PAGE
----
I didn't even think about the 4 cap screws holding the flywheel on. Not using them and safety wire is so far out of the box that it did not even enter my mind that might be what he was asking about.
If you used loctite how would remove the bolts?
I hear heating is best, but I would not want to heat the cast iron flywheel...
Why change a good reliable method? The Ford method is the best, and always has been.
I like a torque wrench and Loktite. I've used it for 20-30 years on rods, mains, flywheel, clutch housing. Standard grade "red". No problems on disassembly. I do wire ring gears and cotter pin axles. And of course wire wishbone to pan
Now that I am on the same page! Another reason to use the original bolts; modern bolts in that size are fully threaded along their length, the originals have a non threaded shank that that is just a bit larger in diameter then the thread and helps lock the crankshaft to the flywheel. If you used the modern bolts you would be relying entirely on the dowel pins and tightness of the bolts to keep the flywheel from trying to move because the threaded part is smaller in diameter then the hole it fits in the crankshaft flange.
Considering that the torque is transmitted by the clamping friction I will take strong exception to your "engineering "
I will stick to original bolts even if the clamping friction using modern bolts is in place for the reasons I gave. I want as much metal filling the hole(s) as I can have, that's what the shoulder on the cap screw does. I do not disagree with your line of reason but prefer my thoughts on the subject for me.
I use original bolts if I can because I'm cheap. Sometimes I don't have them. Sometimes (with a converted A crank) they don't fit anymore. So I use the best bolts I have handy.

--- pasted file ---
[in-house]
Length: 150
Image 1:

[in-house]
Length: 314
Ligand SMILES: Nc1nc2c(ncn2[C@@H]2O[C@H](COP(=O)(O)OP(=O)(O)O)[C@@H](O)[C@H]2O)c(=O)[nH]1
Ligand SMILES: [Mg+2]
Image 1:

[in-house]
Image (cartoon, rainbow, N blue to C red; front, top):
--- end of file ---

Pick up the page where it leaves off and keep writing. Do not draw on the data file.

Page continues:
As far as connecting rod bolts go, so many of them have been "stretched " by people over torquing them to try and line up cotter pins, that now replace them with new grade 8 fine thread bolts and nuts along with grade 8 SAE flat washers as standard practice. Then assembly with Loktite and a torque wrench. Going on for more than 20 years and no regrets
RE connecting rod bolt, yes or the Chevrolet bolts.
52 years we have used new lock washers, and never wire.
Use only Original bolts.
I doubt if you could find a new flywheel bolt with the correct 11/16" head anyway! I've never tried this, but I think a Model A flywheel bolt would work, and has a 5/8" head which is easier to use. I think they are only 1/8" longer than a T. Has anyone ever tried this?
Hi Larry- Model A/B flywheel bolts are much shorter than the T bolts and won't work on a T. I've used good quality (Holochrome etc) socket head cap screws with a hard head bolt washer with good success in the past. Of course the head were drilled for safety wire. For the most part, absolutely noting wrong with the stock bolt and safety wire. Having a Ford flywheel bolt wrench helps a lot though. Just my opinion, but I've installed a fair number of flywheels in 45 years and none of them have ever come loose.